Hanke, a professor of applied economics at Johns Hopkins University, made the comment in an interview on CNBC’s “Street Signs Asia” on Aug. 29.
Hanke said that the chairman of the Federal Reserve, Jerome Powell, “doesn’t understand even at this point what the causes of inflation are and were,” and has failed to inform the American people that inflation is historically caused by excess growth in money supply, or “turning the printing presses on,” as Hanke referred to it.
“There has never been a sustained inflation in world history” that has not been the result of excess growth in the money supply, Hanke said, while noting that the money supply in the United States saw “unprecedented growth” when the COVID-19 pandemic began in February 2021.
“And that is why we are having inflation now,” Hanke said, and why inflation will continue through next year and into 2024.
Elsewhere, Hanke pointed to the fact that the United States has experienced “five months of zero M2 growth, money supply growth,” that the Fed “isn’t even looking at it,” which he said will ultimately lead to a recession.
M2 is a measure of the money supply and includes cash, checking deposits, and savings deposits. It is widely used an indicator of potential increases or decreases in inflation levels.
“We’re going to have one whopper of a recession in 2023,” he said.
Price Stability or Stagflation?
Last year, Hanke and John Greenwood, chief economist at Invesco in London, wrote an article for The Wall Street Journal in which they noted a possible recession was on the horizon due to the growing money supply.
“The problem is that monetary growth in the United States has been anything but stable,” the two wrote. “It usually takes about two years for any excess money to show up as inflation … Persistent, not transitory, inflation will be with us for the next two to three years.”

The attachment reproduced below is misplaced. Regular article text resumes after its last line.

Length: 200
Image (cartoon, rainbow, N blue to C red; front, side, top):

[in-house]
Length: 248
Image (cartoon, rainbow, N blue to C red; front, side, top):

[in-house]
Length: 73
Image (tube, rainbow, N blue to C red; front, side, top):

“The bottom line is we’re going to have stagflation. We’re going to have inflation because of this excess that’s now coming into the system,” Hanke told CNBC on Aug. 29.
Hanke said that Powell, rather than highlighting excess growth in money supply, has instead pointed to supply-chain issues and strong demand as reasons for high inflation across the country.
In a speech at the annual Jackson Hole, Wyoming, economic symposium on Aug. 26, Powell said that the central bank will continue with its current policy aimed at tackling inflation, adding that demand for goods needs to be curbed by raising increasing borrowing costs.
Powell noted that “restoring price stability will take some time and requires using our tools forcefully to bring demand and supply into better balance.”
Reducing inflation will also likely require a “sustained period of below-trend growth,” and there will be some “softening of labor market conditions,” which will spell “some pain for households and businesses,” Powell said.
“These are the unfortunate costs of reducing inflation. But a failure to restore price stability would mean far greater pain,” he said.